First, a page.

Some of the popular tracks from the Mithun Chakraborty blockbuster Disco Dancer, which was released on 10 December 1982, were 'inspired' by Western hits.
Disco Dancer and how Bappi Lahiri made a name by lifting Western tunes
Mumbai - 10 Dec 2016 9:00 IST
Updated : 15:33 IST
RD Burman had explored the pop and disco genres, but it was Bappi Lahiri who ushered in a revolution with his disco tunes in the early 1980s.
Having tapped into the contemporary music scene with his earlier films, Lahiri delved into disco with Babbar Subhash's Disco Dancer (1982). This was a film that turned Mithun Chakraborty into a star. Disco Dancer was a rags-to-riches story, with some family drama thrown in. The disco spectacle was one that Indian fans had never seen before.
With time, the plotline has been forgotten, but the music continues to strike a chord with audiences. It is no surprise that Lahiri was heavily inspired by the Western music of the time and borrowed (or stole?) from them for his compositions.
1) Koi Yahan Aha Naache Naache v/s Video Killed The Radio Star (1979)
Lahiri copied even the 'Auva Auva' part, which gave away the blatant plagiarism, but nobody complained back then. Even the Buggles who made the all-time classic ‘Video Killed The Radio Star’ (1979) just put their shades on and kept quiet.
2) Krishna Dharti Pe Tu Aaja v/s Jesus
Is plagiarism a sin? The Lahiri of the 1980s may answer that in the negative.
The Tielman brothers, led by frontman Andy Tielman, were the first Dutch East Indies band to successfully venture into the international music scene in the 1950s. They were devout Christians and this was proved by their ‘Jesus’ track. The lyrics went something like, ‘Jesus, won’t you come back to us? Jesus come back into our hearts'. More than a song, this was a lyrical plea by the Tielmans.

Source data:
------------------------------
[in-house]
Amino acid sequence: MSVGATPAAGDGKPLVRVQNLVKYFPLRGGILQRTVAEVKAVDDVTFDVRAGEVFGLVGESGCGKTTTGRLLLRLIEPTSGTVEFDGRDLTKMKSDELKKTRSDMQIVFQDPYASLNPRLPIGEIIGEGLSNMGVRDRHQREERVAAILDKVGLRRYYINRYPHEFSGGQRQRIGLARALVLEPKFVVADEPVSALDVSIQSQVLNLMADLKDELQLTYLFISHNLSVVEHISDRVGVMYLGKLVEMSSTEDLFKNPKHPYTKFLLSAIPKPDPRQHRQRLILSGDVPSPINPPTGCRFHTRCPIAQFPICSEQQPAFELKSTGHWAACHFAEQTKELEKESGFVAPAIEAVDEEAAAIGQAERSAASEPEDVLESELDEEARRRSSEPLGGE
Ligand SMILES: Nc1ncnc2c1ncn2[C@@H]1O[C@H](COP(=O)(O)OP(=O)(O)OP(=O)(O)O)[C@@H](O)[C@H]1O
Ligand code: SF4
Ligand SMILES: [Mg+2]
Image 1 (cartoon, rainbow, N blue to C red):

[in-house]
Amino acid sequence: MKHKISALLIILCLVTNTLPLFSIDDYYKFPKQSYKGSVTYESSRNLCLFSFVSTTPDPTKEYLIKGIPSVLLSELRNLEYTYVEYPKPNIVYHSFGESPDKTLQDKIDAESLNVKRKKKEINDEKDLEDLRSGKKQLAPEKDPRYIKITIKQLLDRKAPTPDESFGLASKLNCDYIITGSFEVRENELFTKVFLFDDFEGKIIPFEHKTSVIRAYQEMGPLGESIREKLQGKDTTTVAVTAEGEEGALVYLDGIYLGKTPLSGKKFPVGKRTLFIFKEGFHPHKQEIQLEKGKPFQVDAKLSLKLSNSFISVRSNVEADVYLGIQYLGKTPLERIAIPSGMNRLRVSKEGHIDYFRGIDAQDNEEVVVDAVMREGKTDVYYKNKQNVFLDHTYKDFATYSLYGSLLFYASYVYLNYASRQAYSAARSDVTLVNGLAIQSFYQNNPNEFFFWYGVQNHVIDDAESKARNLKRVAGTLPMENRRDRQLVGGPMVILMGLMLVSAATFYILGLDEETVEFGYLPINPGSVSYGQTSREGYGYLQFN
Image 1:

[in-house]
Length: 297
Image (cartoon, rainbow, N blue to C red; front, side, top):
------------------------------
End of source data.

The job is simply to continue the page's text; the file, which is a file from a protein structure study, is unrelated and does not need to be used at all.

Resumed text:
Years later, inspired by ‘Jesus’, Lahiri made a similar plea to Lord Krishna, with ‘Krishna Dharti Pe Tu Aaja Krishna’. Maybe some creative divine intervention would have saved us from this one.
3 Jimmy Jimmy v/s You’re OK
At parties in the 1990s and early 2000s, the D.I.S.C.O. track was a staple. While it has been mixed by DJs all over the world, it was the band Ottawan that originally came up with it. Comprising Caribbean-born singer Jean Patrick Baptiste and Annette, Ottawan shone briefly between 1979 and 1981 and gave us tracks like D.I.S.C.O. and Sha La La.
Lahiri lifted parts of the cheery song 'You're OK' for Disco Dancer's 'Jimmy Jimmy' where Rita (Kim Yashpal) is trying to cheer up the shattered Jimmy (Chakraborty). Anjaan penned decent lyrics and Parvati Khan crooned like a pop star. The music was largely inspired by Ottawan’s 'You’re OK'.
While there is no doubt that Lahiri depended heavily on 'inspiration' for the soundtrack of Disco Dancer, the popularity of these numbers remains intact.